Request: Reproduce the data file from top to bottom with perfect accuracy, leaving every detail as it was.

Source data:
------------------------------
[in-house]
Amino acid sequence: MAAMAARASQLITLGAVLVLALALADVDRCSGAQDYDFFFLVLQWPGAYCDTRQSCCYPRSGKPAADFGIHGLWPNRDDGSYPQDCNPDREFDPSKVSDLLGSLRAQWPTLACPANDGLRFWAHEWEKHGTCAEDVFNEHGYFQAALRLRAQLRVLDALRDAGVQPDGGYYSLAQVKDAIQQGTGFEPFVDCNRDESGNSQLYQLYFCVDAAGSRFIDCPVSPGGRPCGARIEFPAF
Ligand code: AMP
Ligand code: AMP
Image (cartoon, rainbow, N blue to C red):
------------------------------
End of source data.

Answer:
[in-house]
Amino acid sequence: MAAMAARASQLITLGAVLVLALALADVDRCSGAQDYDFFFLVLQWPGAYCDTRQSCCYPRSGKPAADFGIHGLWPNRDDGSYPQDCNPDREFDPSKVSDLLGSLRAQWPTLACPANDGLRFWAHEWEKHGTCAEDVFNEHGYFQAALRLRAQLRVLDALRDAGVQPDGGYYSLAQVKDAIQQGTGFEPFVDCNRDESGNSQLYQLYFCVDAAGSRFIDCPVSPGGRPCGARIEFPAF
Ligand code: AMP
Ligand code: AMP
Image (cartoon, rainbow, N blue to C red):